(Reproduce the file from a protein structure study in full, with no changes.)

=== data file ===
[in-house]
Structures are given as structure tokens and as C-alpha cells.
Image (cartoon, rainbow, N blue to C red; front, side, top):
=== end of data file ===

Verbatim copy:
[in-house]
Structures are given as structure tokens and as C-alpha cells.
Image (cartoon, rainbow, N blue to C red; front, side, top):